Supplementation is a controversial subject in today’s fitness industry. People are constantly told they’re deficient in this, or should be taking more of that. In some cases supplementation can help, and may be necessary. In other cases it’s nothing more than a waste of money.
One of the biggest supplement concerns people have revolves around vitamins and depending on your diet structure, a vitamin deficiency may be a real concern.
In today’s article, we’re going to tackle vitamin E, what it is, what it does, and whether or not you need to be supplementing with it.
What is Vitamin E?
Vitamin E is actually a term used to describe eight different molecules (four tocopherols and four tocotrienols), with alpha tocopherol being the most prevalent in the body. Vitamin E works mainly as an antioxidant, helping to neutralize free-radicals. Free radicals are oxygen molecules that can damage health cells in the body and can possibly contribute to diseases.
Because the recommended daily allowance of vitamin E is so low, and can be found prevalently in many foods, the effects of a deficiency are not really known. Vitamin E can be taken in pill form, or in liquid form as vitamin E oil.
Vitamin E oil has been used in the skincare industry for decades. It’s commonly found in sunscreens, anti-aging creams, and lotions. It can be used to treat dry skin, reduce the appearance of wrinkles, sunburns, scars, stretch marks, and other skin issues.
Since it’s an antioxidant, it works by blocking free radicals, which play a part in the aging process. It also works to help rejuvenate and repair damaged cells.
What the Science Says About Vitamin E Supplementation
Because of its antioxidant properties, many experts assume believed that supplementing with vitamin E would help reduce the risk of cardiovascular disease. However a 2010 meta-analysis found that while vitamin E reduced ischemic stroke by 10 percent, it increased the risk of hemorrhagic stroke by 22 percent.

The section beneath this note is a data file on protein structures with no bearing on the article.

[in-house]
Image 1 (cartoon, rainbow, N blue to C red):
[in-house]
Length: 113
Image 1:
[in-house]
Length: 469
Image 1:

Other studies have shown similar negative results. A 2007 study by the National Cancer Institute found that smokers who supplemented with vitamin E actually had a slightly higher risk of developing lung cancer.
Similarly, a study published in the Journal of the American Medical Association concluded that vitamin E supplementation can increase the risk of prostate cancer. The study took 35,000 men and had them supplement with 400 IU of vitamin E or a placebo daily. Over five years, they found no reduced risk of prostate cancer in the participants supplementing with vitamin E, and after a follow-up three years later discovered that the vitamin E group had a 17 percent increase in the risk of developing prostate cancer.
Lastly, of particular interest to many, a German study done in 2009 suggests that excessive vitamin E can actually reverse some of the benefits of exercise, like increased insulin sensitivity.
It should be noted that in the short-term, supplementing with 50 to 150mg of vitamin E could help boost the immune system, particularly in the elderly, and can also assist with symptoms of rheumatoid arthritis and improved blood flow.
The recommended daily allowance for vitamin E is a mere 15 milligrams, or 23 IUs. And since vitamin E is readily found in foods like nuts, oils, leafy greens, and some fish, there really is no need to supplement it, as a deficiency is quite rare. Using vitamin E oil as a skin care product appears to be effective and safe, although no long-term studies have been carried out.
Overall, long-term supplementation with vitamin E is not recommended. Most of the recent studies have provided inconclusive or even negative results when supplementing with vitamin E long-term. However, for older adults, short-term supplementation may beneficial.